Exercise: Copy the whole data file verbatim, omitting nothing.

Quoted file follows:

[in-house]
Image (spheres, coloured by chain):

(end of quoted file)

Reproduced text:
[in-house]
Image (spheres, coloured by chain):